This leaves unanswered the question with which Beaton was more concerned, to resolve the ‘diversity of opinion as to the exact location of this Chapel’ (1909, 53). He states that the ‘general interpretation’ is that a chapel at the head of Wick [Bay] refers to one on the North Head. However, if Wick bay is viewed in a more restrictive sense, then the chapel could have been situated at a point close to where the Wick river opens out into the bay, on the east side of the present town centre and near to the present service bridge (ibid.). This area of Wick is still known as Mounthoolie (ND 3654 5106). The only indications that this name might preserve the location of St. Ninian’s chapel are contained in two seventeenth-century references in the Wick Burgh records, although in both cases it is a ‘St. Ninians Head’, rather than a ‘St. Ninians Chapel’, which is mentioned. In 1663, a fight took place between a merchant and a tailor ‘at St. Ninian’s Head, below the said burgh’ (Beaton 1909, 53). This would seem to support the suggestion of the Mounthoolie area, since the North Head could not be described as lying below the town. The only other reference to St. Ninian’s Head is less easy to locate precisely, since in 1665, the Earl of Caithness ordered a watch for Dutch shipping ‘within the town’, at St. Ninian’s Head. This could just as easily refer to a watch placed close to the Old Ship Pool, near the Service Bridge, as to one kept on the much more prominent, but more distant, North Head (ibid.). Beaton, following the author of the New Statistical Account, also suggested that the pre-Reformation parish church of St. Fergus was situated in this area, only shifting to its present site following the Reformation (Thomson 1841, 161; Beaton 1909, 54; Batey 1984, 77, WIC 169; NMRS/SMR no. ND35SE10, ND 365 510). In addition to the placename, Beaton’s evidence consists of the remains of a building, a possible font and a hoard of fifteenth century gold coins found opposite Mounthooley House in 1881 (Beaton 1909, 54; Batey 1984, 77, WIC 170; NMRS/SMR no. ND35SE9, ND 3645 5108); however, a font found in the farmyard of the UP manse, on the south side of the Wick river, in 1840 was also meant to have come from ‘the old chapel of St. Fergus’ (Beaton 1909, 54-5; RCAHMS 1911, 189-90, no. 582; Batey 1984, 78, WIC 175; NMRS no. ND35SE21, SMR no. ND35SE0257, ND 365 510). The present site of St. Fergus’s church, which contains a medieval effigy of a knight, traditionally believed to be St. Fergus himself, lies further to the east (Sutherland 1791, 33; Thomson 1841, 142; RCAHMS 1911, 135-6, no. 493; Batey 1984, 78, WIC 172; NMRS/SMR no. ND35SE1, ND 3619 5113). That there was early medieval religious activity in and around Wick is confirmed by a portable altar - a small, square slab, incised with a central cross and with four crosslets in each of the corners - which was dredged out of Wick Bay (Thomas 1971, 194-5; Batey 1984, 78, WIC 174; Blackie and Macaulay 1998, 20; Fisher 2002, 44).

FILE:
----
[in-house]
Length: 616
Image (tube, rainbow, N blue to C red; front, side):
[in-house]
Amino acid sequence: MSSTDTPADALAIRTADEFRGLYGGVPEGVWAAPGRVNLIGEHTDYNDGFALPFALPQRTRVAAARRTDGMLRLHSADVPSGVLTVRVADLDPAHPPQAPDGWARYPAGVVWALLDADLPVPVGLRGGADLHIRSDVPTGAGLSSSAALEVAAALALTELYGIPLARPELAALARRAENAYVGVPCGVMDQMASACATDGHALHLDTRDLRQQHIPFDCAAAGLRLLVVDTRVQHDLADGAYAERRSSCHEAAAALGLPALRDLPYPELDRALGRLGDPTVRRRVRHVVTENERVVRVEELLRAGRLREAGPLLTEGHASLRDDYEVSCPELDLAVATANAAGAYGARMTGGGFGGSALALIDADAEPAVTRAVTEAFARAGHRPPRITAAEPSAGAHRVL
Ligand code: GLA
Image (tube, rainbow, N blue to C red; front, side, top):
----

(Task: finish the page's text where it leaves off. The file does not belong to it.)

While neither reference to St. Ninian’s Head is particularly explicit, the fact that both refer to a named headland, suggest that confusion could have arisen between the North Head and one closer to the heart of the old burgh. This could be especially true if St. Ninian’s chapel had gone out of use at the Reformation and, with the rise to prominence of St. Fergus’s as the parish church, faded out of memory.
Preliminary Evaluation (ed.)
This Caithness equivalent of Papa Geo in Shetland (Site S4) is in a part of the Norse world where there are no reliable indicators of any nearby ‘papar’ establishment or early Christian presence. The ‘pobi’ names in Shetland appear to be some evidence for the association of the ‘papar’ with coastal features in later folklore, and it may be that this name should be classified the same. It is possible that the name has subsequently become understood to refer to the nearby mound or pap (W.P. Thomson, pers. comm.). This is given some weight by the association of a ‘papar’ name with a Ninian dedication, which in Orkney and Shetland, is a combination sometimes applied (by antiquarians) to sites perceived to be of ecclesiastical significance in the pre-Norse period.
Ordnance Survey, 1872 (1877). First edition. 1:10,560. Sheet XXV.
Ordnance Survey, 1905 (1907). Second edition. 1:2,500. Sheet XXV.2 and XXV.6.
Ordnance Survey, 1981. 1:10,000 series. Sheet ND35SE.